This is also one of those films that shows just how important casting is because it can make or break a film. In here the cast is game for anything, but they also know what style of film this is and the play to that strength. The first thing of course you notice is Ryan Reynolds as the voice of the titular Detective Pikachu. He completely captures the aesthetic they are going for as this noir detective trapped in a yellow rodent that can shoot electricity from their body. It is one of those situations that is so absurd it just works. As well as this, Justice Smith excels as Tim the character that is both the straight man to Pikachu but also the one that has the most emotional growth throughout the film. We also get Bill Nighy and Ken Watanabe in these sort of mentor roles that give them moments to shine, and Kathryn Newton as Lucy Stevens the reporter on the case with her Psyduck was a lot of fun.

Detective Pikachu (Pokémon: Detective Pikachu). Image Credit: Warner Bros. Pictures.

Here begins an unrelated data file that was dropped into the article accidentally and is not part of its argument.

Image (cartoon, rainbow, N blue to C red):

Jigglypuff is a mood and I am here for it. Image Credit: Warner Bros. Pictures.

When it comes to the story, well if you have seen a noir film before, or well any Pokémon game then I don’t think the story will be any great surprise. However, they do a good job of keeping everything in motion until it reaches the climax at the end. The film seems to be aimed at that 10 to the young teen market, and if they are into Pokémon then this film will deliver for them. If you are like me and grew up with the show/games there are enough little references throughout the film that should make up for the story that is probably a little on the simple side and if you are a parent forced to take your kid to go see it, well there is enough references to old-timey films that it should still be entertaining. If nothing else, you’ll get to brag how you know why they reference Home Alone in the end credits.